With data up to September 15th, ICNF's provisional report on rural fires states that, comparing 2023 with the last 10 years, there were 40% fewer rural fires and 64% less burned area, in relation to the annual average for the same period last year.

“The year 2023 presents (…) the second lowest value in number of fires and the third lowest value in burned area, since 2013”.

Rural fires with a burned area of less than one hectare are the most frequent, corresponding to 84% of the total.

Regarding the largest fires, the ICNF highlights the occurrence of four fires with a burned area greater than or equal to 1,000 hectares.

“Fires are considered major whenever the total burned area is equal to or greater than 100 hectares. Until September 15, 2023, there were 33 fires falling into this category, which resulted in 22,803 hectares of burned area, around 69% of the total burned area”.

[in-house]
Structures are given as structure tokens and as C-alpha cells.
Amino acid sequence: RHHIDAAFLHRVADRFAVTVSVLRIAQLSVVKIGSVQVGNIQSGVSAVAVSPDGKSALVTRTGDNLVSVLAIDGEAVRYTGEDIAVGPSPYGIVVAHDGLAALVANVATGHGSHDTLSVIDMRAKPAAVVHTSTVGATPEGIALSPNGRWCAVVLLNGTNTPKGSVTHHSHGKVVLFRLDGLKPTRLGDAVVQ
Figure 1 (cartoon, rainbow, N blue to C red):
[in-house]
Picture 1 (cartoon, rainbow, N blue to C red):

Of the total of 7,097 rural fires, 6,000 were investigated, with the process of investigating the causes completed: 85% of the total number of fires – responsible for 97% of the total burned area.

The investigation allowed the attribution of a cause for 4,204 fires, of which 70% were investigated, 68% were responsible for the total area burned.

The most frequent causes are arson (28%) and agricultural fires (17%).

Analysing by district, the ICNF highlighted Porto (1,416), Braga (670) and Viana do Castelo (589) as those that recorded the highest number of fires, all of them small in size, not exceeding one hectare of burned area.

With regard to the burned area, Castelo Branco with 7,429 hectares (around 23% of the total), Beja with 5,908 hectares (18% of the total) and Faro with 2,652 hectares (8% of the total) were the most affected.